I think I’m a little crazy. . . and those who know me probably would agree!
Why, you ask?
Well, every summer I grow my own tomatoes . . . and I don’t really like tomatoes.
I grow my own tomatoes partly so I that I will be able to can my own salsa . . . and I’m not a big salsa lover!
Yeah, that’s weird.
The first year that I grew tomatoes, I had so many of them that I didn’t know what to do with them. So I asked a friend for her salsa canning recipe. Now I have made this salsa for four years, so when I recently used Aldi’s salsa in a recipe–I didn’t like the taste! So I decided that I better keep up the canning of my own salsa!
I use the salsa mainly in the different recipes I make that require salsa. I use it in my Make-Ahead Burritos and in my **slow cooker cheese dip** that I use with tortilla chips. **(I just put a 2 pound block of Velveeta cheese (Aldi’s generic version), one pint of my homemade Jalapeno Salsa, and 1 can of refried beans in a medium size crockpot. I heat it on low or high depending on how much time I have until the cheese is melted. I use this for large get-togethers!)**
Now, I have to add a few disclaimers about this salsa:
(I know I’m not selling this very well, but I’m trying to be brutally honest with my opinions! Some of you may love to can your food. I am neutral: I don’t love all the work, but I like the end result!)
- I have never tried another kind of homemade canned salsa, so I have nothing to which to compare my recipe.
- There is no magic amount of jalapeno peppers to add. Sometimes I get it a little spicy! (Which might be perfect for some people–I like my salsa mild!)
- It takes a long time to prepare. Every time I make it, I think, “Is all this work really worth it?” It is if you like the taste of it better than store-bought salsa (which I do), and if you like more organic/home-grown foods. There are no preservatives, additives, or food coloring. And it is a cost savings–even over Aldi’s salsa. However, it took me about 3 hours to do make 7 pints of salsa (12 cups of tomatoes). My tomatoes were small, so maybe it took me longer than it would if I had large tomatoes as I had to core and peel every single stinkin’ little tomato!
- I would highly recommend having a food chopper/processor. I used to only have a mini 2-cup food processor, and even that was wonderful in chopping all those vegetables/fruits. I burned up the little processor’s motor this past year and invested in a 9 cup food processor, and it was wonderful! I really admire all those homesteaders years ago who canned all their food–and did it all by hand. It makes me feel quite lazy every time I can salsa and complain how time-consuming it is!
Here is the original Jalapeno Salsa recipe as it was given to me– and then I will put in parentheses what I actually did. If I used the amount of jalapeno peppers that the recipe called for, I think I would be on fire forever! I rally don’t see how that could be the right measurement, but I’ll include it just for fun!!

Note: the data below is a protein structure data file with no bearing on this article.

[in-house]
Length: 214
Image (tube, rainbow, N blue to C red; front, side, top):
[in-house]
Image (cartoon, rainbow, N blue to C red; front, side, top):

- 3 cups chopped peeled, cored tomatoes (I did 12 cups of tomatoes. I would wash and core the tomatoes, boil hot water, pour it over the tomatoes, let them sit in the hot water for about a minute, then pour the hot water off, and peel the skin off the tomatoes. Then I would chop them. I would put the chopped tomatoes in my 8 cup measuring cup until it was full; then pour the tomatoes into a big six quart stockpot. When I got done with my tomatoes, I would adjust all my other measurements according to the tomatoes. So here, I had 4 times the amount of tomatoes, so I quadrupled the rest of the ingredients EXCEPT the Jalapeno Peppers.
- 1 cup chopped onions I did 4 cups chopped yellow onions.
- 6 cloves garlic minced (I only minced about 19 cloves--so thankful for my garlic press, or buy the pre-minced garlic in a jar!)
- 2 tablespoons minced cilantro I did 8 tablespoons or 1/2 cup cilantro.
- 2 teaspoons oregano I did 8 teaspoons oregano.
- 1 1/2 teaspoon salt I did 2 tablespoons salt.
- 1/2 teaspoon cumin I did 2 teaspoons cumin
- 3 cups chopped jalapeno peppers DO NOT QUADRUPLE THIS--CUT THIS WAY DOWN!!! I only did 2 cups of peppers for 12 cups of tomatoes, and it was still a little too spicy! Although it wasn't too spicy when it was in my cheese dip recipe. I think I should have only done 1 1/2 cups of peppers. ALSO--Make sure you wear gloves when cutting/handling the peppers, and do not touch your eyes or mouth!
- 1 cup cider vinegar I added 4 cups of cider vinegar.
Combine all ingredients in a large pot. Bring mixture to a boil. Reduce heat and simmer 10 minutes. Ladle hot salsa into hot jars, leaving 1/4" headspace. Screw on lids and process 15 minutes in boiling water canner. Yield: @3 pints (I got 7 pints for my measurements.)
I find that the tomatoes and vegetables cook down, and I do not want watery salsa. So when I am putting the salsa into the jar, I use a spoon with very tiny holes that the juice can drain out of so that most of what goes into the jar is actual salsa. When I get to the very end of the salsa, I pour it into a colander that is mesh with tiny holes. I place the colander over a pan to catch all the juice. I put all the salsa that is in the colander into a jar, and if it needs a little juice, I pour some from the pan into the jar. Then I throw the rest of the liquid in the pan out.
While I am preparing the salsa, I put the jars that I have washed out into the water canner with water that I heat to boiling. The water needs to be boiling when you put the jars filled with salsa into it, and this also sterilizes the jars.